Another benefit of filing Chapter 7 during a foreclosure is the automatic stay. Uncontested Chapter 7 bankruptcies generally take four to six months to complete. When an automatic stay is in effect, foreclosure sales cannot be initiated. Moreover, mortgage companies and bill creditors may not harass the homeowner with phone calls or letters demanding payment. Many homeowners in foreclosure choose to file Chapter 7 bankruptcy because it provides extra time for them to find another place to live while stabilizing their finances.

Chapter 13

Homeowners often fall behind on mortgage payments due to uncontrollable events, such as unexpected job loss, illness, or death in the family. When a homeowner cannot pay their mortgage for one year but regains the ability to start making payments again, Chapter 13 bankruptcy is the best option.

For example, let’s say Mary and Bob missed mortgage payments for 10 months. The amount they owe is $10,000. However, Bob regains his health and begins working part-time. Mary finds a full-time job working remotely as a medical coding specialist. Although they can now afford to make monthly mortgage payments, they cannot afford to pay their mortgage company a lump sum of $10,000.

By filing Chapter 13, Mary and Bob’s mortgage arrearage is rescheduled as manageable payments spanning three to five years. As long as they keep current with regular and past-due mortgage payments, Mary and Bob avoid foreclosure.

Filing for Bankruptcy Before Lenders Schedule a Foreclosure Sale

Loan Modification

Filing for bankruptcy establishes an automatic stay which gives owners time to modify their loan. Mortgage loan modifications lower interest rates and extend the time for repaying a balance. Although a loan modification can stop a foreclosure, it may impact your credit score. However, it does not reduce credit scores as drastically as foreclosures do.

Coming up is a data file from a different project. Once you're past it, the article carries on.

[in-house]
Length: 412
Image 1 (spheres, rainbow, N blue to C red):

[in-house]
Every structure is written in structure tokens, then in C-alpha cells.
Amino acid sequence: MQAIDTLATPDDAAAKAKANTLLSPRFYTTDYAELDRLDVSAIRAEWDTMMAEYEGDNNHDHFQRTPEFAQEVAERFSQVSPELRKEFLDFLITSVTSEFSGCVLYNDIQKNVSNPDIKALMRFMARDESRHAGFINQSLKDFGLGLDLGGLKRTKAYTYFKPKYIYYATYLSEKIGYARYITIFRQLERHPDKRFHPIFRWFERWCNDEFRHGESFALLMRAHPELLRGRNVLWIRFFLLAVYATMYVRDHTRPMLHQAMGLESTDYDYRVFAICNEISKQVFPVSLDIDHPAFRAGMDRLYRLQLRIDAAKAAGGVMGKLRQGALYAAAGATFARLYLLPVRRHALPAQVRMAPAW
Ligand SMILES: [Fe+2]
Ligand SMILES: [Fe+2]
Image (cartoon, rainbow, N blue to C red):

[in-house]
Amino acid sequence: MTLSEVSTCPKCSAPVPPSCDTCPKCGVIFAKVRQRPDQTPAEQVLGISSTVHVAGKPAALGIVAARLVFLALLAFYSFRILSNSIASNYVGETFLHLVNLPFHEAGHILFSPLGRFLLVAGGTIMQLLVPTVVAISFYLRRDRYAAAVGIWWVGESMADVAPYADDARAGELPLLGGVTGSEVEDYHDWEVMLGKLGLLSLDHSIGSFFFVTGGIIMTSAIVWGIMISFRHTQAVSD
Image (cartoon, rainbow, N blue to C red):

Refinancing a Loan

Refinancing a mortgage means the owners of the mortgage are exchanging their old mortgage for a new one. The new loan is intended to pay off the old mortgage while benefiting the homeowner with a lower interest rate and reduced monthly payments. Homeowners facing financial issues that make it difficult to meet monthly payment obligations might consider refinancing their loan long before foreclosure is possible.

Filing for Chapter 7 Bankruptcy Before Getting Behind on Mortgage Payments

For homeowners who suddenly experience a long-term financial catastrophe, a Chapter 7 bankruptcy allows them to keep their home, car, and other property essential for maintaining basic living needs. Once Chapter 7 is filed, the bankruptcy court appoints a representative of the court who oversees the case. This “trustee” is responsible for listing all the homeowners’ assets and debts. State and federal statutes designate different exemptions that the trustee must adhere to when determining what property can be liquidated. People who typically file for Chapter 7 bankruptcy owe thousands of dollars in credit card and medical debts that they would never realistically be able to pay off.

The federal bankruptcy code states that debtors with monthly incomes exceeding their state’s median monthly income must take a “means test” to determine if they really need to file for Chapter 7. Homeowners anticipating foreclosure who do not pass this means test may consider filing for Chapter 13 bankruptcy to keep their home.

In either case, our network of bankruptcy attorneys may be able to help.  Fill out our contact form today and we can connect you with someone to speak with about your foreclosure options.